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Last Updated: Thursday, 9 September, 2004, 01:56 GMT 02:56 UK
Milburn returns to Cabinet role
Alan Milburn leaving Downing Street on Wednesday
Milburn quit the Cabinet last year
Former Health Secretary Alan Milburn is back in the Cabinet, Downing Street confirms as Tony Blair's reshuffle gets under way.

Arch-Blair ally Mr Milburn will take a lead role in Labour's election campaign and take the official title of Chancellor of the Duchy of Lancaster.

Higher Education Minister Alan Johnson has also been named as the new Work and Pensions Secretary.

No 10 says changes among junior ministers will be unveiled on Thursday.

But officials say there will be no more changes at Cabinet rank and they confirmed Labour Chairman Ian McCartney had kept his job.

Wednesday evening also saw former Cabinet minister John Redwood return to the Tory front bench as Michael Howard conducted his own reshuffle.

Brown role

Mr Milburn left Downing Street at around 2100 BST smiling broadly and ignored reporters' questions.

Alan Johnson
Johnson is the first ex-union leader in Cabinet for 40 years
He had earlier entered No 10 through the Cabinet Office and spent much of the evening locked in talks.

BBC political editor Andrew Marr said Health Secretary John Reid and Culture Secretary Tessa Jowell had earlier urged Mr Milburn to accept the job.

His appointment is already being seen as a victory for Mr Blair over Chancellor Mr Brown, who was widely thought to be opposed to Mr Milburn taking a big election role.

Election planning has traditionally been Mr Brown's domain but the chancellor's allies insist he is relaxed about the appointment.

Policy role

Mr Milburn will be based in the Cabinet Office and Downing Street sources he will supervise the work of the No 10 policy directorate and the prime minister's strategy unit, as well as "co-ordinate the development of policy across government".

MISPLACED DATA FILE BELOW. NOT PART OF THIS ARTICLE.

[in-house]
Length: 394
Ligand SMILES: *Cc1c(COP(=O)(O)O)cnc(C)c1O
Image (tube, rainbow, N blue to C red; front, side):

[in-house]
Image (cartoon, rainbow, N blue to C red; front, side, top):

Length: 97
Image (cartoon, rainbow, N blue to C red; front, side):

Prime ministers have to prevail, capitulation is not an option.
BBC News Online's Nick Assinder

Douglas Alexander previously held the post of chancellor of the Duchy of Lancaster outside the Cabinet.

No 10 says details of how the move might affect Mr Alexander, who is also a Cabinet Office minister, will be released on Thursday.

Mr Johnson had also been widely tipped for his promotion after the surprise resignation of Andrew Smith as work and pensions secretary on Monday.

He is the first former union leader in 40 years to become a Cabinet minister.

But he is also known as a loyal Blairite who earned the prime minister's respect for the way he steered through Labour's plans for university top-up fees in the teeth of disquiet on the back benches.

The Tories contrasted their surprise changes with the "endless bickering" over Tony Blair's impending reshuffle

Former Welfare Minister Frank Field said Mr Milburn's appointment had been inevitably after the days of speculation.

"It would have been a total defeat for the prime minister had he not returned given that No 10 had been briefing all week that he was going to return," Mr Field told BBC News 24.

The MP said Mr Johnson was the right man for the pensions role but Mr Blair would still need to persuade his chancellor to accept long-term reform of pensions policy.


Tory chairman Liam Fox contrasted the Tory changes with the delays over Labour's reshuffle.

Dr Fox added: "By giving Alan Milburn a non-job, Tony Blair has wimped out of a confrontation with his own Chancellor. What a pathetic and humiliating position for any PM to find himself in."

Downing Street has stressed Mr McCartney has Mr Blair's full backing as Labour chairman and Cabinet minister.

There had been newspaper reports that Mr McCartney was to be dropped but it is thought Deputy Prime Minister John Prescott lobbied strongly on his behalf.

Mr McCartney used an interview with the Guardian newspaper to attack "ill-discipline and briefing within the Westminster village".

He added: "The most difficult part, and maybe the part which was unacceptable, was when people brief against you on a personal basis."

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